Lakhs of devotees took a holy dip at Sangam, the confluence of Ganga, Yamuna and the mythical Saraswati rivers, at Prayagraj on the auspicious occasion of Maghi Purnima today. One of the last holy bathing days in the 50-day-long Kumbh Mela, Maghi Purnima, marks the end of the month-long penance period of Kalp Wasi pilgrims, known to be the most faithful ones at the Kumbh Mela. They vow to live an austere and minimalist life on the banks of the Ganga for a month.
Though not a 'shahi snan', or royal bath, Maghi Purnima like Paush Purnima and Maha Shivratri, is called a 'parv snan' and is part of the six important bathing days during the Kumbh. Traditionally on Maghi Poornima, pilgrims today and tomorrow worship Guru Bhrasapati with the belief that Hindu god Gandharva travels from the heavens to Sangam.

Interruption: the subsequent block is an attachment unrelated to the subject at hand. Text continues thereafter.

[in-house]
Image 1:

Chill in the air did not deter the devotees from taking a dip as early as 4 am, despite restrictions on vehicle movement near the makeshift township of Kumbh Nagri.
"I have seen that the crowd picks up later in the day. So it makes sense to take the dip early in the morning," said Aditya Langar from Pathankot, who was busy drying his clothes.
"Security arrangements were tightened following the February 14 terror attack in Pulwauma," said Vijay Kiran Anand, officer in-charge of the Kumbh. He said that there were 96 watch towers placed across the Mela area along with 440 CCTV cameras maintaining a round-the-clock vigil.
"Maghi Purnima" was also crucial for the securitymen as thousands of devotees who had taken a one-month-long 'Kalp Vaas' will be returning on Tuesday," said senior police officer, KP Singh.
Forty nine special trains and 2,500 buses have been pressed into service by the administration to ferry devotees from faraway places to the Kumbh on Maghi Purnima.
According to the administration, over 1.5 crore devotees are expected to take the holy dip by the end of the day. As many as 40 bathing ghats have been prepared to manage the crowd.